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Teaching Newton's Laws with the iPod Touch in Conceptual Physics
ARTICLE

Physics Teacher Volume 49, Number 4, ISSN 0031-921X

Abstract

One of the greatest challenges in teaching physics is helping students achieve a conceptual understanding of Newton's laws. I find that students fresh from middle school can sometimes recite the laws verbatim ("An object in motion stays in motion..." and "For every action..."), but they rarely demonstrate a working knowledge of how to apply them to observable phenomena. As a firm believer in inquiry-based teaching methods, I like to develop activities where students can experiment and construct understandings based on relevant personal experiences. Consequently, I am always looking for exciting new technologies that can readily demonstrate how physics affects everyday things. In a conceptual physics class designed for ninth-graders, I created a structured activity where students applied Newton's laws to a series of free applications downloaded on iPod Touches. The laws had been introduced during the prior class session with textual descriptions and graphical representations. The course is offered as part of the Enlace Latino Collegiate Society, a weekend enrichment program for middle and high school students in the Bronx. The majority of students had limited or no prior exposure to physics concepts, and many attended high schools where physics was not offered at all. (Contains 5 figures and 1 table.)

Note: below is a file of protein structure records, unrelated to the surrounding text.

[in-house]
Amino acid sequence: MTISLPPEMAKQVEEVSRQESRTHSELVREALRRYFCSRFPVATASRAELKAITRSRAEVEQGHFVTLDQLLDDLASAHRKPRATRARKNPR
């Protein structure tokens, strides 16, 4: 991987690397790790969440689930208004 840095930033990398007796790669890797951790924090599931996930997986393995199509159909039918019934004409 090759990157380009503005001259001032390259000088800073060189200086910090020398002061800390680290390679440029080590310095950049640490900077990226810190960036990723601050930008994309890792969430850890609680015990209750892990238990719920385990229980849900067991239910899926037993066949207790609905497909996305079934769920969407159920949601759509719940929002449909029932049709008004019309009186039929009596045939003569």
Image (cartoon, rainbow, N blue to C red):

Citation

Kelly, A.M. (2011). Teaching Newton's Laws with the iPod Touch in Conceptual Physics. Physics Teacher, 49(4), 202-205. Retrieved October 6, 2022 from .

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